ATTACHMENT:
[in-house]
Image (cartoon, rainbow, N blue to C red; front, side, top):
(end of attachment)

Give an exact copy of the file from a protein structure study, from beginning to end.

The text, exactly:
[in-house]
Image (cartoon, rainbow, N blue to C red; front, side, top):